May 29, 2014; New York, NY, USA; The Montreal Canadiens react after loosing to the New York Rangers 1-0 in game six of the Eastern Conference Final of the 2014 Stanley Cup Playoffs at Madison Square Garden. Mandatory Credit: Adam Hunger-USA TODAY Sports

Habs Missed Opportunity: Title Hopes Take a Dive

Mandatory Credit: Andy Marlin-USA TODAY Sports

When the final horn sounded Thursday night at Madison Square Garden, one couldn’t shake the sense that the Habs missed a big opportunity and let a chance at the Finals slip through their finger tips over these past ten days….an opportunity that doesn’t figure to come around too often in the near future for Montreal.

A little extreme?  Maybe.  But there’s no denying the breaks Montreal caught during its playoff run this year.

  • Round one: the third-place Canadiens had the good fortune of running into a Ben Bishop-less Tampa Bay Lightning.  All Bishop did this regular season was finish among the league leaders in most statistical categories and be named a finalist for the Vezina Trophy.  Unfortunately for the Lightning the goalie suffered a season-ending injury and they were forced to turn to the backups.  Tampa Bay’s duo of Anders Lindback and Kristers Gudlevskis finished with a sub-.900 save percentage and a goals against average well above 3.  Any one think a healthy Bishop could have done a little better than that?  Who knows if Tampa would have won, but no doubt the series goes longer than four games.
  • Round two: a well-rested Canadien squad drew its long-time rival Boston Bruins.  While the Bruins were considered favorites, the older legs, especially of Zdeno Chara, started to tire.  The Canadiens were able to pester the Bruins enough to get them off their game to upset them in game 7.  It also helped that the Bruins hit about seven posts in the series and goaltender Carey Price played terrific throughout.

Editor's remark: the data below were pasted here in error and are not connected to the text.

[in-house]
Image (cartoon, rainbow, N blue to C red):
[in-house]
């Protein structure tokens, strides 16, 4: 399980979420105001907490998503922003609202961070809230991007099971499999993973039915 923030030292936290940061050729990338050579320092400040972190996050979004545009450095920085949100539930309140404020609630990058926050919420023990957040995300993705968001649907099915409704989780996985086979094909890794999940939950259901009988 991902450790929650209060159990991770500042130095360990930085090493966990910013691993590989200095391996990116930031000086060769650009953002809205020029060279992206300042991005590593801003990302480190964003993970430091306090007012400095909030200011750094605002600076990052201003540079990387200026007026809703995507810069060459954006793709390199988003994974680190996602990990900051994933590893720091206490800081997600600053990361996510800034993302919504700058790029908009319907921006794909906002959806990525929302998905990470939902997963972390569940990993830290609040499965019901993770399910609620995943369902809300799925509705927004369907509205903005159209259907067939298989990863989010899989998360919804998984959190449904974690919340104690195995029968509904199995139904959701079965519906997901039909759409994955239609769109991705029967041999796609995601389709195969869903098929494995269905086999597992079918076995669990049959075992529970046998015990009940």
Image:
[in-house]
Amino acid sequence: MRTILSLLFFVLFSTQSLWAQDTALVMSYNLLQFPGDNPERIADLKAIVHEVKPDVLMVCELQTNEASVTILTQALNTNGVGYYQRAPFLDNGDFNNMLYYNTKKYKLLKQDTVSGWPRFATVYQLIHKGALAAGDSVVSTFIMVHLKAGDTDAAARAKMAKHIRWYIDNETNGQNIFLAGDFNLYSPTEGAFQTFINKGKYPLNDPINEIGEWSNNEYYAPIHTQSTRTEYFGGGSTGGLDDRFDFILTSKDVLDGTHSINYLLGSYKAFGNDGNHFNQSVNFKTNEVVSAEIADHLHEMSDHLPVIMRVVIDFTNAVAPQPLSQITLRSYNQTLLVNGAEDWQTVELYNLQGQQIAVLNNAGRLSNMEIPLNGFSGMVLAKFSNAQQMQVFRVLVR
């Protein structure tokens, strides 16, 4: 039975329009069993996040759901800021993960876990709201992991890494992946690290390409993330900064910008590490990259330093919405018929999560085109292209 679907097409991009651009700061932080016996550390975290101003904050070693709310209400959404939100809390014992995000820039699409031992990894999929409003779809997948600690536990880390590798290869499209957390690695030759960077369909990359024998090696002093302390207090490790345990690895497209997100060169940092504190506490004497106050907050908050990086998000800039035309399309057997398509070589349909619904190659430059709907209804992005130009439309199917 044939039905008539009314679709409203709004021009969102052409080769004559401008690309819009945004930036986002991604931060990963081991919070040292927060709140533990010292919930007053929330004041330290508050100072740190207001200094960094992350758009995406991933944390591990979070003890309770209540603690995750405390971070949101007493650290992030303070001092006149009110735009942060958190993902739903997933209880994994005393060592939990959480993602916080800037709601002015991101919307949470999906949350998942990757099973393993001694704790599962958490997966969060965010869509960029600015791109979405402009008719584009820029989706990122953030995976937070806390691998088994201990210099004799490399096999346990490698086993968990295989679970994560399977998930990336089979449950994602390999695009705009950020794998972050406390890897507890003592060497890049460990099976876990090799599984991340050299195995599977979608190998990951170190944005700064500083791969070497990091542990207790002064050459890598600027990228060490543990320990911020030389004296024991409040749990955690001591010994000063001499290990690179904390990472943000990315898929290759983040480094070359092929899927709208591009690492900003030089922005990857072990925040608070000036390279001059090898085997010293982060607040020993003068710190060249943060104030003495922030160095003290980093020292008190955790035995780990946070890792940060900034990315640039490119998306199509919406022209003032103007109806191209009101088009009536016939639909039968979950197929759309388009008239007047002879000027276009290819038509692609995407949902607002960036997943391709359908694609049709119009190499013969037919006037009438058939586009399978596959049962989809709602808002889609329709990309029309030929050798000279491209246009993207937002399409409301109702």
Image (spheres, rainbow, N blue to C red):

• Round three: thanks to the Rangers upsetting the Penguins, Montreal was gift-wrapped home-ice advantage and facing a goalie that they had dominated at the Bell Centre.  So what happened? The Canadiens dropped the first two at home and could never get even-up in the series.

So even with a number of breaks, the Canadiens couldn’t take full advantage and now have to wonder if they’ll be able to get back there again soon.

(Yes, I know what Canadiens’ fans are saying: “but we lost our goalie too.”  True, and it appeared to be a huge blow.  But after watching that series, can anyone honestly say the Canadiens lost because of goaltending?  In fact there were too many times during the series that rookie goalie Dustin Tokarski was the only reason why Montreal was even in games against the Rangers.  The best example was during game 6 where Montreal played with the intensity of a pre-season game and Tokarski gave his team a chance to steal another game.  Unfortunately for Tokarski the one goal he let up was too much for his teammates to overcome.)

So why will they struggle to be back in this position again?  Well, the roster on the ice these playoffs will look very different come October.  They currently have 11 players that are set to be restricted or unrestricted free agents this summer.  No doubt they’ll pony up the cash to retain dynamite defenseman PK Subban, but who else after that?

Tough decisions are coming on veteran defensemen Andrei Markov and Mike Weaver as well as captain Brian Gionta.  All three were key contributors but are in the later stages of their careers and Montreal may be looking to move on from them.  While the Canadiens appear to be in decent cap shape should they choose to sign all three, they also need to keep in mind that forwards Brendan Gallagher and Alex Galchenyuk will be due for raises soon and it’d come as no surprise to see all three veterans shown the door.  Will their replacements, whether kids from the farm or outside the organization, be able to replace the production leaving the team?  It’ll be a tough task for sure.  (I guess the Canadiens could try to re-sign Thomas Vanek, but all signs point to him bolting as soon as possible to Minnesota, despite his rough playoff performance.)